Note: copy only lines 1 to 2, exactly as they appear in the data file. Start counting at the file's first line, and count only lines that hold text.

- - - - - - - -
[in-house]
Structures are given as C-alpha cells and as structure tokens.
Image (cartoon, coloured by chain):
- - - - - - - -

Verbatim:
[in-house]
Structures are given as C-alpha cells and as structure tokens.